An initial public offering (IPO) lock-up period is a contractual restriction preventing insiders who acquired shares of a company's stock before it went public from selling the stock for a stated period of time after it goes public. Although this waiting period varies on a case-by-case basis, it typically ranges from 90 to 180 days after the date of the IPO.
Lock-up periods typically apply to insiders such as a company's founders, owners, managers and employees. But it also may apply to venture capitalists and other early private investors.
The chief purpose of an IPO lock-up period is to thwart investors from flooding the market with large numbers of shares, which would initially depress the stock's price. Simply put: Company insiders tend to own disproportionately high percentages of stock shares compared to the general public. Consequently, their high-volume selling activities could drastically impact a company's share price immediately after the company goes public.
Lock-up periods don't just stave off the short-term negative economic ramifications that may occur from insiders selling large chucks of their stock positions after an IPO. Lock-up periods can also eliminate the appearance that those closest to the company harbor a lack of faith in its prospects. Even if this is not actually the case, and that in reality, insiders simply wish to cash in long-anticipated profits, this false perception could potentially cripple a company's long-term stock performance for no truly legitimate reason.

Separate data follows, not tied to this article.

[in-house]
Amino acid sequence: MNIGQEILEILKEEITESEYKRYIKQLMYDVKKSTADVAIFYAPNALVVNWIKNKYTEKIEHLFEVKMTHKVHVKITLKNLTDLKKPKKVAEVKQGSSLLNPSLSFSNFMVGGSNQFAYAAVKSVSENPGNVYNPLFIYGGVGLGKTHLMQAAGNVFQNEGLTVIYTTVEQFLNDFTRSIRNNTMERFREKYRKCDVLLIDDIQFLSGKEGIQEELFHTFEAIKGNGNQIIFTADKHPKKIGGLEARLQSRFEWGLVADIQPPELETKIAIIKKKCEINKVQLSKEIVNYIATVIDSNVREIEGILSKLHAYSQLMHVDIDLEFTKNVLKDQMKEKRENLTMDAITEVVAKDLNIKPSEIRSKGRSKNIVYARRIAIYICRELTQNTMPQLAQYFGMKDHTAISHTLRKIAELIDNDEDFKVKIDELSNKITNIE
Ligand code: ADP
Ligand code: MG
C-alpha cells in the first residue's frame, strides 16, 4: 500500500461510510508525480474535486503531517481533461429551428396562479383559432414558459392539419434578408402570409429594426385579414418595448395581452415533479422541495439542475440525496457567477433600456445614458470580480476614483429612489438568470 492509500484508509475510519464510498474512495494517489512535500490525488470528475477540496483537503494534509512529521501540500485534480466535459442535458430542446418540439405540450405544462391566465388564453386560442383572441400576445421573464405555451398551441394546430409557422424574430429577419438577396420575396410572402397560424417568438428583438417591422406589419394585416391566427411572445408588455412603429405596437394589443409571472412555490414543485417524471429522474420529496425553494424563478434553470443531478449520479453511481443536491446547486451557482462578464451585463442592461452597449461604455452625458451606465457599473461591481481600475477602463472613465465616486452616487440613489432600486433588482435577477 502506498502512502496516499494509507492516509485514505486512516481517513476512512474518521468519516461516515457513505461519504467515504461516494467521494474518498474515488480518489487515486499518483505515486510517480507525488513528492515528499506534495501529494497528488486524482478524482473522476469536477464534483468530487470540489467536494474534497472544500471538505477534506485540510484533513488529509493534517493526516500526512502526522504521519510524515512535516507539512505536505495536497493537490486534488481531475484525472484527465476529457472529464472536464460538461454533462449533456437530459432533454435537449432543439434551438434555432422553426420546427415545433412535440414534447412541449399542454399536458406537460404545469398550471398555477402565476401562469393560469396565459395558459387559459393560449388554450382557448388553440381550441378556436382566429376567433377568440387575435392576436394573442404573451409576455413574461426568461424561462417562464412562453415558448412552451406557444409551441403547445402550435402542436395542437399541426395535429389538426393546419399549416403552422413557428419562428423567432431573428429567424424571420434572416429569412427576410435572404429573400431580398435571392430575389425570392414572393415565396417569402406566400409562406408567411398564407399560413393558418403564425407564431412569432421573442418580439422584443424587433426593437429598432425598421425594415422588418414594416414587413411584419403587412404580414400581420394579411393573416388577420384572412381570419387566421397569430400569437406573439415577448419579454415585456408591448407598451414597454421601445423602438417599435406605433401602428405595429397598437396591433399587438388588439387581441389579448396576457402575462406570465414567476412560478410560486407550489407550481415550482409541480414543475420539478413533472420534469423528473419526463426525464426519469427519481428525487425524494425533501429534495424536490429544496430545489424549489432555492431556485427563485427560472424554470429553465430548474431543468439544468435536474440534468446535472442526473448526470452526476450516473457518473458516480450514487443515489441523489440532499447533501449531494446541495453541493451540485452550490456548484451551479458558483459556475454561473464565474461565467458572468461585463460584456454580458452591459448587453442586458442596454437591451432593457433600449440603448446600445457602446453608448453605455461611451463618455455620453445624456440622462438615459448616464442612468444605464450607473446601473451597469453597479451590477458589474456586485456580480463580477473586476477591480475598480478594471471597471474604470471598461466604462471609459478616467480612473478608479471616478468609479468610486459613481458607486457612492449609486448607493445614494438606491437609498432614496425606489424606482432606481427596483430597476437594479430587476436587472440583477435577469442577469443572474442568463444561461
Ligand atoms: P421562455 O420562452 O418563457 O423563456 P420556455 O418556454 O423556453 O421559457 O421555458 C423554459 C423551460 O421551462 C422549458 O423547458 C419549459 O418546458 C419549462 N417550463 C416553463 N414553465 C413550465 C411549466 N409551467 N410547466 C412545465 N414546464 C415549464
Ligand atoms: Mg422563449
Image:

In some cases, insiders may be forbidden from selling their shares, even after the lock-up period expires. This most often occurs when an insider possesses material, nonpublic information, where the sale of shares would legally constitute insider trading. Such a scenario might occur if the end of the lock-up period coincided with earnings season.
It should be noted that lock-up periods are not mandated by the United States Securities and Exchange Commission or any other regulatory body. Rather, lock-up periods are either self-imposed by the company going public, or they are required by the investment bank underwriting the IPO request. In either case, the goal is the same: to keep stock prices soaring after a company goes public.
Perhaps the most high profile example of a lock-up period occurred with Facebook. After its May 18, 2012, initial public offering, the lock up prevented the sale of 271 million shares during the company's first three months of public ownership. Pointedly: Facebook's stock price plummeted to an all-time low of $19.69 per share the day its first lock-up period ended. This is about 50% lower than the company's share price on the day the company went public. Interestingly, Facebook imposed stricter-than-normal restrictions that prevented the sale of another 1.66 billion shares through mid-2013. All told, Facebook's atypical lock-up policy released insider shares at five different dates.
The public can learn about a company's lock-up period(s) in its S-1 filing with the SEC; subsequent S-1As will announce any changes to the lock-up period(s).